Qualification

It is good to have the teacher who studied at one of the major Music Schools and Colleges. If you live in London (UK), it could be The Royal Academy of Music, Royal College of Music, Guildhall School of Music and Drama or Trinity College of Music to name just a few. Why? Because this will guarantee that the teachers who studied at these establishments have been taught well and therefore will teach to high professional standard and will be unlikely to pass on any wrong or ‘unhealthy’ methods to their students. You can indentify which institution someone has graduated from by simply looking at the letters following their name, and later, checking them online. Also, if you can access the teacher’s biography, their degrees and diplomas may be explained further.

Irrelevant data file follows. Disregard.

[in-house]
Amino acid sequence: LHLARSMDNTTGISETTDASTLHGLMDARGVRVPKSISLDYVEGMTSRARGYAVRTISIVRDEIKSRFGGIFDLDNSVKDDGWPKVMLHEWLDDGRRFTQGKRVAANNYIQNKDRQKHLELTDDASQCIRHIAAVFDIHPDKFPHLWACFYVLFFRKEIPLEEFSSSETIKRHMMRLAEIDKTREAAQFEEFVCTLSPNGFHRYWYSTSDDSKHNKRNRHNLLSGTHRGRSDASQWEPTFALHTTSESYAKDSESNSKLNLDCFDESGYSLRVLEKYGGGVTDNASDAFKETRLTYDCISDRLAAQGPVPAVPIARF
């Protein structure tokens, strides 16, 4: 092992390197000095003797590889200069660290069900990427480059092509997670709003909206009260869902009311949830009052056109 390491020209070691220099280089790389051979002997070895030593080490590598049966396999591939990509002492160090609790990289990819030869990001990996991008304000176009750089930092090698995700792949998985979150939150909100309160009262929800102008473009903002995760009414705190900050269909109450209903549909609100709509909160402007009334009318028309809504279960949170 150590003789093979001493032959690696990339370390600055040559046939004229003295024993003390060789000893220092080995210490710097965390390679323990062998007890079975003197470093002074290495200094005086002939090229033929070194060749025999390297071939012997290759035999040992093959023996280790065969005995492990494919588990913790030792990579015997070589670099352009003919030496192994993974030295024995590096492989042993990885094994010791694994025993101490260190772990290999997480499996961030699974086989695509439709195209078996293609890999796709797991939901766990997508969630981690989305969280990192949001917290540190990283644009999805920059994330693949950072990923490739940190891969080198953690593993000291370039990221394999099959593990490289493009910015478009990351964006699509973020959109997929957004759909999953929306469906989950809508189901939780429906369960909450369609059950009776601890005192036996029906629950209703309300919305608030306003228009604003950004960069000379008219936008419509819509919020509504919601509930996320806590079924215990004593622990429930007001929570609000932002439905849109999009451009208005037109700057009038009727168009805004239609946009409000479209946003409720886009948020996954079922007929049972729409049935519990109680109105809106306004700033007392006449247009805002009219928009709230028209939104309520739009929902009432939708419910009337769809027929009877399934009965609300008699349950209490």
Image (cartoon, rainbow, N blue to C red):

Amongst the most established UK qualifications, here are a few examples of Music Degrees:
BMus, MMus, MPerf, MComp, MA, MPhil, PhD, MMP, DMus and Diplomas LRAM, PGDip, AdvDip, ARCM, DipRCM, ADCM , Artist Diploma, , LGSM, AGSM, PGDip, Dip GSM., ATCL, LTCL, FTCL, PGA, PGD . I have used the examples from the main educational bodies – Royal Academy of Music (www.ram.ac.uk). Royal College of Music (www.rcm.ac.uk), Guildhall School of Music and Drama ( www.gsmd.ac.uk) and Trinity Laban Conservatoire of Music and Dance ( www.trinitylaban.ac.uk)

Years of teaching experience